A pun from the story about the beauty Xishi's frown (Xi meaning “west”), which made her even more alluring, and the girl neighbor to the east, who, in trying to imitate Xishi, made herself uglier. See “Tianyun” 天運 (The Turning of Heaven), in Chen, Zhuangzi, 373.
Ni, “Xiaoyin” 小引 (Small Preface), 1a–b, in Ningxiangge.
Ni, “Fu Ni Yizi shi” 附倪宜子詩 (Appended Poems by Ni Yizi), 1a, Shanju zayong, in Ningxiangge.
Wang, Gongguishi ji yiwen kaolüe 宮閨氏籍藝文考略 (Survey of the Literature and Art of Palace and Gentlewomen), quoted in Hu and Zhang, Lidai funü, 136–37.
Her poetry collection Ningxiangge shigao 凝香閣詩稿 (Poetry Draft of the Loft of Congealed Fragrance) met a similar fate. First published in 1664, the woodblocks were kept at the Wu's residence in Yiwu and were destroyed in 1674 during the revolt of Wu Sangui 吳三桂 (1612–1678), when Zhejiang province was taken by the rebels. The printed copies were also lost until a hand-copied collection was found in the possession of a Lu family in the same county. See Chen Yunyou's 陳雲友 preface, “Zaike Ningxiangge shi xu” 再刻凝香閣詩序 (Preface to the Reprint of Poetry Draft of the Loft of Congealed Fragrance), in Ni, Ningxiangge, Xu 1.
Ni, Gongyitu shi, second collection in Ningxiangge.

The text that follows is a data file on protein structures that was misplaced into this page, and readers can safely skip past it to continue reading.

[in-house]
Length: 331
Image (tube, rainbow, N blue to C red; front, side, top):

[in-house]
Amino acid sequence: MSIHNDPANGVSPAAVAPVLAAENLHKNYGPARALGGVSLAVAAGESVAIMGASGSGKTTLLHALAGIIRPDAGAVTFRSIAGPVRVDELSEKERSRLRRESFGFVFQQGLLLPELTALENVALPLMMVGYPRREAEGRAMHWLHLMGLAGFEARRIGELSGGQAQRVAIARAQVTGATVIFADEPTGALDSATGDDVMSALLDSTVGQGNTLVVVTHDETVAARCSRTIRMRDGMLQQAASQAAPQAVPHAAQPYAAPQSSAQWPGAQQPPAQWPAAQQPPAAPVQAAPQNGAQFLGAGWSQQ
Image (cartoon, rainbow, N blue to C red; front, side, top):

Ni, Ningxiangge, 24b–26b. The term Ni used, liren 麗人, is an unusual alternative for the painted image of a beauty, possibly indicating a shift away from the objectification implicit in meirenhua. Ni also used jiaren 佳人 as well as meiren to refer to painted beauties.
Gan's collection contains her poetry from adolescence, married life, widowhood, and old age in retirement. See Fong, Herself an Author, chap. 1.
See the poem “Painting” 繪圖 (Huitu), in Gan, Yongxuelou, 1.33b; see also poems in remembrance of her three elder brothers, who instructed her in painting, calligraphy, and playing the zither; Gan, Yongxuelou, 3.22a–b.
Ibid., 3.4a. Gan also painted a portrait of her mother-in-law after she died, see “Painting a True Portrait in Memory of My Deceased Mother-in-Law” (Zhuixie xiangu zhenrong 追寫先姑真容), in ibid., 3.19a. See Ni Renji's example (fig. 2).